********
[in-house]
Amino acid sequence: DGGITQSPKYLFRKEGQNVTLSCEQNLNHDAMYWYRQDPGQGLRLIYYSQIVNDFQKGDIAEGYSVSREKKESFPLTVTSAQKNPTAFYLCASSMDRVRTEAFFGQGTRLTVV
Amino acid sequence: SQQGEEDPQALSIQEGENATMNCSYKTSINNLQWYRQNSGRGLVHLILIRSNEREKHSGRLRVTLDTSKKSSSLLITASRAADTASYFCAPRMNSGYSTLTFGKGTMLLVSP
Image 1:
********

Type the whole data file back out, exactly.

[in-house]
Amino acid sequence: DGGITQSPKYLFRKEGQNVTLSCEQNLNHDAMYWYRQDPGQGLRLIYYSQIVNDFQKGDIAEGYSVSREKKESFPLTVTSAQKNPTAFYLCASSMDRVRTEAFFGQGTRLTVV
Amino acid sequence: SQQGEEDPQALSIQEGENATMNCSYKTSINNLQWYRQNSGRGLVHLILIRSNEREKHSGRLRVTLDTSKKSSSLLITASRAADTASYFCAPRMNSGYSTLTFGKGTMLLVSP
Image 1: